A couple of weeks ago we saw Liz Beasley of Ananuca visiting us at the Guild to show us how to do Mapuche weaving. Quite a few of us do weave but this was something quite different.
She started by giving us a brief background to her involvement with it and the people of S. Chile
Some of you might have seen them in action last year at Wonderwool:
I particularly like the handmade looms- they just pop into the forest and cut down suitable branches! Spindles are handmade often with clay, potatoes as the weight as strong yarn is needed for weaving their blankets, rugs and ponchos. They spin sheep’s wool and use plant dyes.
We first warped up our looms- an old picture frame-
Another picture frame-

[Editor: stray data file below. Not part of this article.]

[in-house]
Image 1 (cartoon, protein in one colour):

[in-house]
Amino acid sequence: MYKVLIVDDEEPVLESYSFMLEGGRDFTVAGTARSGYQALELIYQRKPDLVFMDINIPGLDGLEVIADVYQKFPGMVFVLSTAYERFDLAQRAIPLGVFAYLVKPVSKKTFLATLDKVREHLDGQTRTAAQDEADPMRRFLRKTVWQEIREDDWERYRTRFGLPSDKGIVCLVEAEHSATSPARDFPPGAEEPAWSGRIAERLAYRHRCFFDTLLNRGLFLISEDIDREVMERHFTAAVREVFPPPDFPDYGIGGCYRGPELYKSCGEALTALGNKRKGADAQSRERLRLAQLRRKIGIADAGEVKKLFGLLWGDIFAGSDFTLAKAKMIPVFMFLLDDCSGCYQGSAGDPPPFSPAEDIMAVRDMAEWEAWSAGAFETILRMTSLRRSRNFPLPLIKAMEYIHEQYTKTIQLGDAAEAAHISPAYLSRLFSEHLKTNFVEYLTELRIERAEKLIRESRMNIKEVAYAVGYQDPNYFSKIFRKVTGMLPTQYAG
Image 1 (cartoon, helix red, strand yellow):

Two small willow wands were cut to divide the shed-
String heddles were made-
Then the weaving began-
Those of us used to working on rigid heddle looms found that with Mapuche, the weft needed to be pulled tight across the warp in order to create a good pattern. Some of us rigid heddlers started a new weave to achieve a better pattern. Mapuche weaving patterns are warp based. Most of us worked on a simple pattern like the last photo. Some were more adventurous like the first few. Liz showed us some source books with the most intricate designs and like a lot of indigenous peoples, many communities have their own designs. They often tell a story and spiders (natural spinners and weavers!) feature strongly.
Liz gave us a comprehensive set of notes on all the processes of mapuche weaving she had covered in this workshop- warping up,dividing sheds, creating string heddles, preparing the weft, creating a shuttle, weaving using the sheds, creating a fringe and for those who might be more adventurous, How to Build a Mapuche Loom!
Below are just a few pics of Liz’s weaving.
We want to thank Liz for a great session and would recommend anyone to take one of her workshops.